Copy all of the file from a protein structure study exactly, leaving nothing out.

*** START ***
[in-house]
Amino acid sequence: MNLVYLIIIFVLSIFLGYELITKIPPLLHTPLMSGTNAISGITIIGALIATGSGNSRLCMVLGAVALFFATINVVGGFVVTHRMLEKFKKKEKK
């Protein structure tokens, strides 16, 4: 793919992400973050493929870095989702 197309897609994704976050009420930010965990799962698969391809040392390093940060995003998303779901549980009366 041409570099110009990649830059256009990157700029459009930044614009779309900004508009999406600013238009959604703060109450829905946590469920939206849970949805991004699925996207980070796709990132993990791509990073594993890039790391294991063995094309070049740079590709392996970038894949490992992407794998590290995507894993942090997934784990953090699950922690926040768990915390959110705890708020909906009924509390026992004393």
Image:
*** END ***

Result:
[in-house]
Amino acid sequence: MNLVYLIIIFVLSIFLGYELITKIPPLLHTPLMSGTNAISGITIIGALIATGSGNSRLCMVLGAVALFFATINVVGGFVVTHRMLEKFKKKEKK
């Protein structure tokens, strides 16, 4: 793919992400973050493929870095989702 197309897609994704976050009420930010965990799962698969391809040392390093940060995003998303779901549980009366 041409570099110009990649830059256009990157700029459009930044614009779309900004508009999406600013238009959604703060109450829905946590469920939206849970949805991004699925996207980070796709990132993990791509990073594993890039790391294991063995094309070049740079590709392996970038894949490992992407794998590290995507894993942090997934784990953090699950922690926040768990915390959110705890708020909906009924509390026992004393």
Image: